Getting Parents Involved in
Your Program Cynthia Carbone Ward
When a new teacher asked me if I could suggest ways that he might
interest and involve parents in his 8th grade social studies curriculum,
I suggested that he start with a basic weekly update to the parents.
A short bulletin should let them know what interesting aspects of
history are being covered, the kinds of activities the kids will be
doing, and ways that parents can support the educational process at
home. The bulletin might include a weekly challenge question regarding
a historical character or event - preferably something colorful or
amusing. Variations of all of these ideas can be applied to almost
Check out Cynthia’s Book, How Writers Grow: A Guide for Middle School Teachers,
published by Heinemann.
Another great way to involve parents is by requiring your students
to interview them. The topic, of course, depends upon the unit you
are currently teaching. If it's about immigration, have them find
out about their own family roots, who made the journey to this country,
and stories that have been passed along. Perhaps one of their parents
IS an immigrant and still remembers life in another country and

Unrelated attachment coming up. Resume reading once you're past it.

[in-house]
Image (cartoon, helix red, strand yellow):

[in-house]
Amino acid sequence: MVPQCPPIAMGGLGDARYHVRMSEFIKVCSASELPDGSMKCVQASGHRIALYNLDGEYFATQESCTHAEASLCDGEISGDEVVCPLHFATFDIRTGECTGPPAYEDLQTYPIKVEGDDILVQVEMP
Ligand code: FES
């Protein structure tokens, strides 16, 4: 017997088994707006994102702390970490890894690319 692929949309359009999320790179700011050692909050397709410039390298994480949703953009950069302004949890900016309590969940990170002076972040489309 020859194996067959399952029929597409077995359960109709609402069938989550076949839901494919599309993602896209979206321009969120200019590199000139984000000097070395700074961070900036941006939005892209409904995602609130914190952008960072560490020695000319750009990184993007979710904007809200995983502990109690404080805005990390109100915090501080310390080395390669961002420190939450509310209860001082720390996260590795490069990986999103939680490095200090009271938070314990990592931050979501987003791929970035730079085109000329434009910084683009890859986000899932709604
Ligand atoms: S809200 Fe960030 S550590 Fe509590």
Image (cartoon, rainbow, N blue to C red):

the migration here. If you are teaching about the Constitution and
the founding of the nation, have kids interview their parents about
their understanding of what it means to be a citizen, or their recollection
of the civil rights movement. This is just the tip of the iceberg
-- with a little creativity, you can think of a provocative line
of questioning which relates to just about any topic in the curriculum.
I often try to weave themes of tolerance and understanding throughout
social studies curricula at the middle school level -- this lends
itself to many interesting discussions and activities which might
be enlightening to parents as well as students. Or how about having
the kids create and enact skits of scenes in history and perform
these for the parents? Or maybe famous debates or speeches, depending
on the abilities and propensities of your students. Parents are
always eager to see their kids perform. When I taught 8th grade,
we enacted a mock trial, complete with lawyers, juries, and a presiding
judge. It was quite a show, and very educational for the kids. Perhaps
you could have the students work on dioramas or other projects relevant
to the unit of study, and then these could be on display for the
You probably have some parents in your community with special
skills or knowledge to share -- you could coordinate a sort of speakers'
bureau; this diminishes the barrier between the parent community
and the classroom. Or maybe you could orchestrate a colonial-style
potluck, or an ethnic festival to celebrate the "e pluribus unum"
nature of our country? Invite the parents! They will love it.
Even at the middle school level, you are on the right track if
you are inclusive of parents: keep them informed, and get them actively
involved and interested. The benefits to your students will be significant.